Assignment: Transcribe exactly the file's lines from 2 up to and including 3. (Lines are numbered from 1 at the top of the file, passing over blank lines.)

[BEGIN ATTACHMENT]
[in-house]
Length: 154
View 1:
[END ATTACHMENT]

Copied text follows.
Length: 154
View 1: